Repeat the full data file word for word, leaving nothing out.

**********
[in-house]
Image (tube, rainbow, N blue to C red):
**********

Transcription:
[in-house]
Image (tube, rainbow, N blue to C red):